Learning-to-normalize is also explored. Different normalization methods introduced before can be combined to achieve better performance and generalization. Batch-Instance Normalization (BIN) was proposed for adaptively style-invariant neural networks, with using a trainable parameter to combine the feature maps calculated from BN and IN nam2018batch. Switchable Normalization (SN) was proposed by using trainable parameters on the mean and variance calculated in BN, IN and LN to learn new statistics luo2018differentiable; luo2019switchable. Sparse SN used SparseMax to make the trainable parameters in SN sparse shao2019ssn. In Instance-Level Meta Normalization jia2019instance, feature feed-forward and gradient back-propagation were used to learn the normalization parameters.

Others Normalization can be used as a method to achieve a task directly. For example, a real-time and arbitrary style transfer was achieved by aligning the mean and variance of the content features to that of the style features huang2017arbitrary. Domain adaptation was achieved by changing the statistics from the source domain to the target domain li2018adaptive. New tasks can be solved by using BN to combine learned tasks data2018interpolating. Specific normalization methods have also been specifically proposed for cross-domain tasks li2019efficient; wang2019transferable, global covariance pooling networks li2018towards, multitask learning chen2018gradnorm; deecke2018mode, UDA chang2019domain, semantic image synthesis park2019semantic, medical area zhou2019normalization; zhou2019u; zhou20193d, and scene text detection xu2019geometry. Kalman Normalization (KN) was proposed to combine internal representations across multiple DCNN layers wang2018kalman. And, instead of using norm, and norm were proposed for numerical stability in low-precision calculation hoffer2018norm.


In a DCNN with layers, for an input feature map , which is usually with four dimensions , where is the batch, channel, height and width dimension respectively. For simplification, are the corresponding batch, channel, height and width indices and will not be repeatly defined in the following usage. The feature map at th layer is calculated as:


where and are the trainable weight and bias parameters in convolutional layers, and are the trainable re-scale and re-shift parameters in normalization layers,

is the activation function.

is the normalization function. is the convolusion function.

A typical normalization layer includes four steps: (1) divide the feature map into feature groups; (2) calculate the and statistics for each feature group; (3) normalize each feature group with the calculated statistics; (4) re-scale and re-shift the normalized feature map to maintain the DCNN representation ability. For example, in BN, the feature map is divided along the channel dimension, the and are calculated along the batch, height and width dimension as:


Then the feature map is normalized as:


is a small number added for division stability. In order to maintain the DCNN representation ability, extra trainable parameters are added for each feature channel:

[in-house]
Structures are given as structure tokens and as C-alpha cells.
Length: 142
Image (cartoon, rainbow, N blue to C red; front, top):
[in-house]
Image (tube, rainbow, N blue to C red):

Batch size Group number
512 256 128 64 32 16 8 4 2 1
128 77.008 75.936 76.256 76.096 75.984 75.504 76.016 75.632 75.520 75.360
2 63.968 66.000 68.160 70.064 71.856 72.832 74.928 75.120 75.968 76.096
Table 1: The Top1 validation accuracy of BGN on ImageNet with ResNet-50. G is set to be from 512 to 1.

By including multiple examples into statistic calculation, BN enjoys good performance at medium and large batch sizes and good generalizability to multiple vision tasks, i.e. NAS. However, its performance degrades dramatically, i.e., in our ImageNet experiment, at small batch sizes. In order to improve this shortage, GN includes grouped channel dimension into statistic calculation:


where , is a hyper parameter - group number, , is floor division. GN enjoys good stability to different batch sizes, however, its performance is slightly lower than BN at medium and large batch sizes and its generalizability to other vision tasks is weaker than BN. Except these known phenomena, our experiments show that BN saturates at extreme large batch sizes.

We think the degradation/saturation of BN at small/extreme large batch sizes are caused by noisy/confused statistic calculation. Similar indication also exists in mini-batch training, where single-batch/all-batch training are usually worse than mini-batch training, as noisy/confused gradients are calculated. To facilitate this, we propose BGN where the number of feature instances used for statistic calculation is controlled to be proper by using the group technique in GN. To be in more details, we first merge the channel, height and width dimensions into a new dimension and achieve , where . The mean and variance are calculated along the batch and new dimension as:


where is the number of groups that the new dimension is divided and is a hyper-parameter, is the number of instances inside each divided feature group. When the batch size is small, a small G is used to combine the whole new dimension into statistic calculation to avoid noisy statistics, while when the batch size is large, a large G is used to split the new dimension into small pieces for calculating the statistics to avoid confused statistics. and are used in the same way as BN. In BN, and used in the test are the moving average of that in the training stage. The proposed BGN uses this policy as well.